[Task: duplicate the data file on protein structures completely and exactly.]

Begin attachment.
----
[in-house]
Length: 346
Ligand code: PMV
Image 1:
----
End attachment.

[in-house]
Length: 346
Ligand code: PMV
Image 1: